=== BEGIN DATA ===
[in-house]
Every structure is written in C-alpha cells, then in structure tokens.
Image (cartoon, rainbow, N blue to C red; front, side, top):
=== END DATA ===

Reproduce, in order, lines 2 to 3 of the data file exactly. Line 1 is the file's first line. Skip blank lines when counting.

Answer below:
Every structure is written in C-alpha cells, then in structure tokens.
Image (cartoon, rainbow, N blue to C red; front, side, top):